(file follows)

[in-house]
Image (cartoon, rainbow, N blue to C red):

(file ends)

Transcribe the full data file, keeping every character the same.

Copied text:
[in-house]
Image (cartoon, rainbow, N blue to C red):